A group is an operating system abstraction for a collective of related processes. A set of cooperative processes may, for example, form a group to provide an extendable, efficient, available and reliable service. The group abstraction allows member processes to perform computation on different hosts while providing support for communication and synchronisation between them. A reliable multicast protocol allows a group of processes to agree on a set of messages received by the group. Each message should be received by all members of the group or by none. The following are the different types of ordering:-
This guarantees that all correct processes receive all messages in the same order. That is, if correct processes p and q both receive messages m and m', then p receives m before m' if and only if q receives m before m'. The multicast is atomic across all members of the group.
Note that this definition of a totally ordered broadcast does not require that messages be delivered in causal order or even fifo order, so it is not stronger than these orderings.
For example, if a process suffers a transient failure during the broadcast of message m, and subsequently broadcasts m', a totally ordered protocol will guarantee only that processes receive m'.
A fifo ordered protocol guarantees that messages by the same sender are delivered in the order that they were sent. That is, if a process multicasts a message m before it multicasts a message m', then no correct process receives m' unless it has previously received m. To implement this, messages can be assigned sequence numbers which define an ordering on messages from a single source. Some applications may require the context of previously multicast messages from an originator before interpreting the originator's latest message correctly.
However, the content of message m may also depend on messages that the sender of m received from other sources before sending m. The application may require that the context which could have caused or affected the content of m be delivered at all destinations of m, before m. For example, in a network news application, user a broadcasts an article. User b at a different site receives the article and broadcasts a response. User c can only interpret the response if the original article is delivered first at their site.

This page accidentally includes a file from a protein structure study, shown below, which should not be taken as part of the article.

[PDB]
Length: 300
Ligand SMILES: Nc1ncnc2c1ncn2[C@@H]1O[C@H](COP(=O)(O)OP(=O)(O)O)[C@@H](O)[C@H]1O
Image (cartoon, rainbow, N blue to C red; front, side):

Causal order is a strengthening of FIFO ordering which ensures that a message is not delivered until all messages it depends on have been delivered.
This causal dependence relation is more formally specified as follows:- an execution of a multicast or receive primitive by a process is called an event.
Event e causally precedes event f (i.e. Happened before), (ef), if an only if:
1. A process executes both e and f in that order, or
2. E is the multicast of message m and f is the receipt of m, or
3. There is an event h, such that eh and hf.
A causal protocol then guarantees that if the broadcast of message m causally precedes the broadcast of m', then no correct process receives m' unless it has previously received m.
The definition of causal ordering does not determine the delivery order of messages which are not causally related. Consider a replicated database application with two copies of a bank account x residing at different sites. A client side process at one site sends a multicast to the database to lodge £100 to account x. At another site simultaneously, a client side process initiates a multicast to add 10% interest to the current balance of x. For consistency, all database replicas should apply the two updates in the same sequence. As these two messages are not causally related, a causal broadcast would allow the update messages to x to be delivered in different sequences at the replicas.